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Township entrepreneurs have lashed the Gauteng government for its failure to spread opportunities and to regulate the liquor industry.

Hundreds of entrepreneurs gathered at the Phefeni Recreation Centre in Soweto for a small business sector engagement with economic development MEC Parks Tau on Wednesday.

The interaction with township businesses is aimed at getting more insight into problems that have restricted growth in the sector, thus leaving many youth unemployed.

Speaking to Sowetan on the sidelines of the engagement, Nthabiseng Matsele, who runs a company based in Naledi, which sources goods and services, said getting business from government departments had become almost impossible.

Matsele told Sowetan that in most instances, government officials inform her that as a registered supplier, her company would be picked up by software for the next business opportunity.

“But you wait and wait and the system never picks you to get work. It is difficult to get jobs from the government because they already have their people. They give you the same excuse that the price was high even if you know that is not the case. Even in the local councillor’s office they do the same thing. Because they don’t know you, they don’t give you work.

“We feel that our government, which talks upliftment, is not keeping its word. We feel as if the government is just pushing us down because we are not getting opportunities. How are we supposed to create the jobs that are needed if we do not get opportunities?” Matsele asked.

Matsele’s business, TshepoMaps Trading and Projects, sources stationery for schools, cleaning material and furniture for government departments.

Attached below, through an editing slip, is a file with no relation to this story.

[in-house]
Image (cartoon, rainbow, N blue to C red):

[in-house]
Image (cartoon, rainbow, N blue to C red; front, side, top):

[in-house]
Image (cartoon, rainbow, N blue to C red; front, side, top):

Musa Ntshangase, secretary of the Gauteng Liquor Forum, said the sector has been overrun by illegal traders who have shrunk the market.

“Illegal liquor traders are mushrooming like bunnies. People know that if they lose their job,there is only one option, to go and sell liquor. Now we are losing business as too many of us in the township are competing for the same market.

“We are losing customers to people who do not know the law. They do not know what time they should open, what time they should close. We feel the current legislation is unable to control this problem,” Ntshangase said.

The Gauteng Liquor Forum has about 20,000 members – most of whom are in the township and who operate distributions centres, bottle stores, taverns and shebeens.

Provincial government has made a commitment to develop programmes that will grow the township economy, which has been depressed for decades. Among the interventions that the government wants to introduce is the Gauteng township economic development bill, aimed at removing all the hurdles faced by black businesses.

The procurement that Matsele is complaining about is one of the tools that are supposed to be used by the  government to grow township businesses.

Tebogo Sithathu, who runs a company called Vintage Heritage, which specialises in intellectual property, said the government has not opened doors for such unique enterprises.

“As young people we have ideas that we can bring to solve problems, even in the public sectors. We want them to open doors. For example, a lot of people wait in long queues when they visit public hospitals. As a solution, we can collate young people to develop an app which will enable people to queue from home and not wake up in the early hours of the morning,” said Sithathu.

Tau said the department is piloting a new database which will be used to spread opportunities among suppliers in the province. The database will for now be used for the agricultural sector, where all producers will register and their produce be pulled together to supply hospitals, government departments and even the SA National Defence Force.

“We are using agriculture as a starting point.”